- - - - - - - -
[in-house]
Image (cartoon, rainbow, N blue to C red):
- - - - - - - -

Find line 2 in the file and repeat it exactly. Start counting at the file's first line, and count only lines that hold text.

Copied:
Image (cartoon, rainbow, N blue to C red):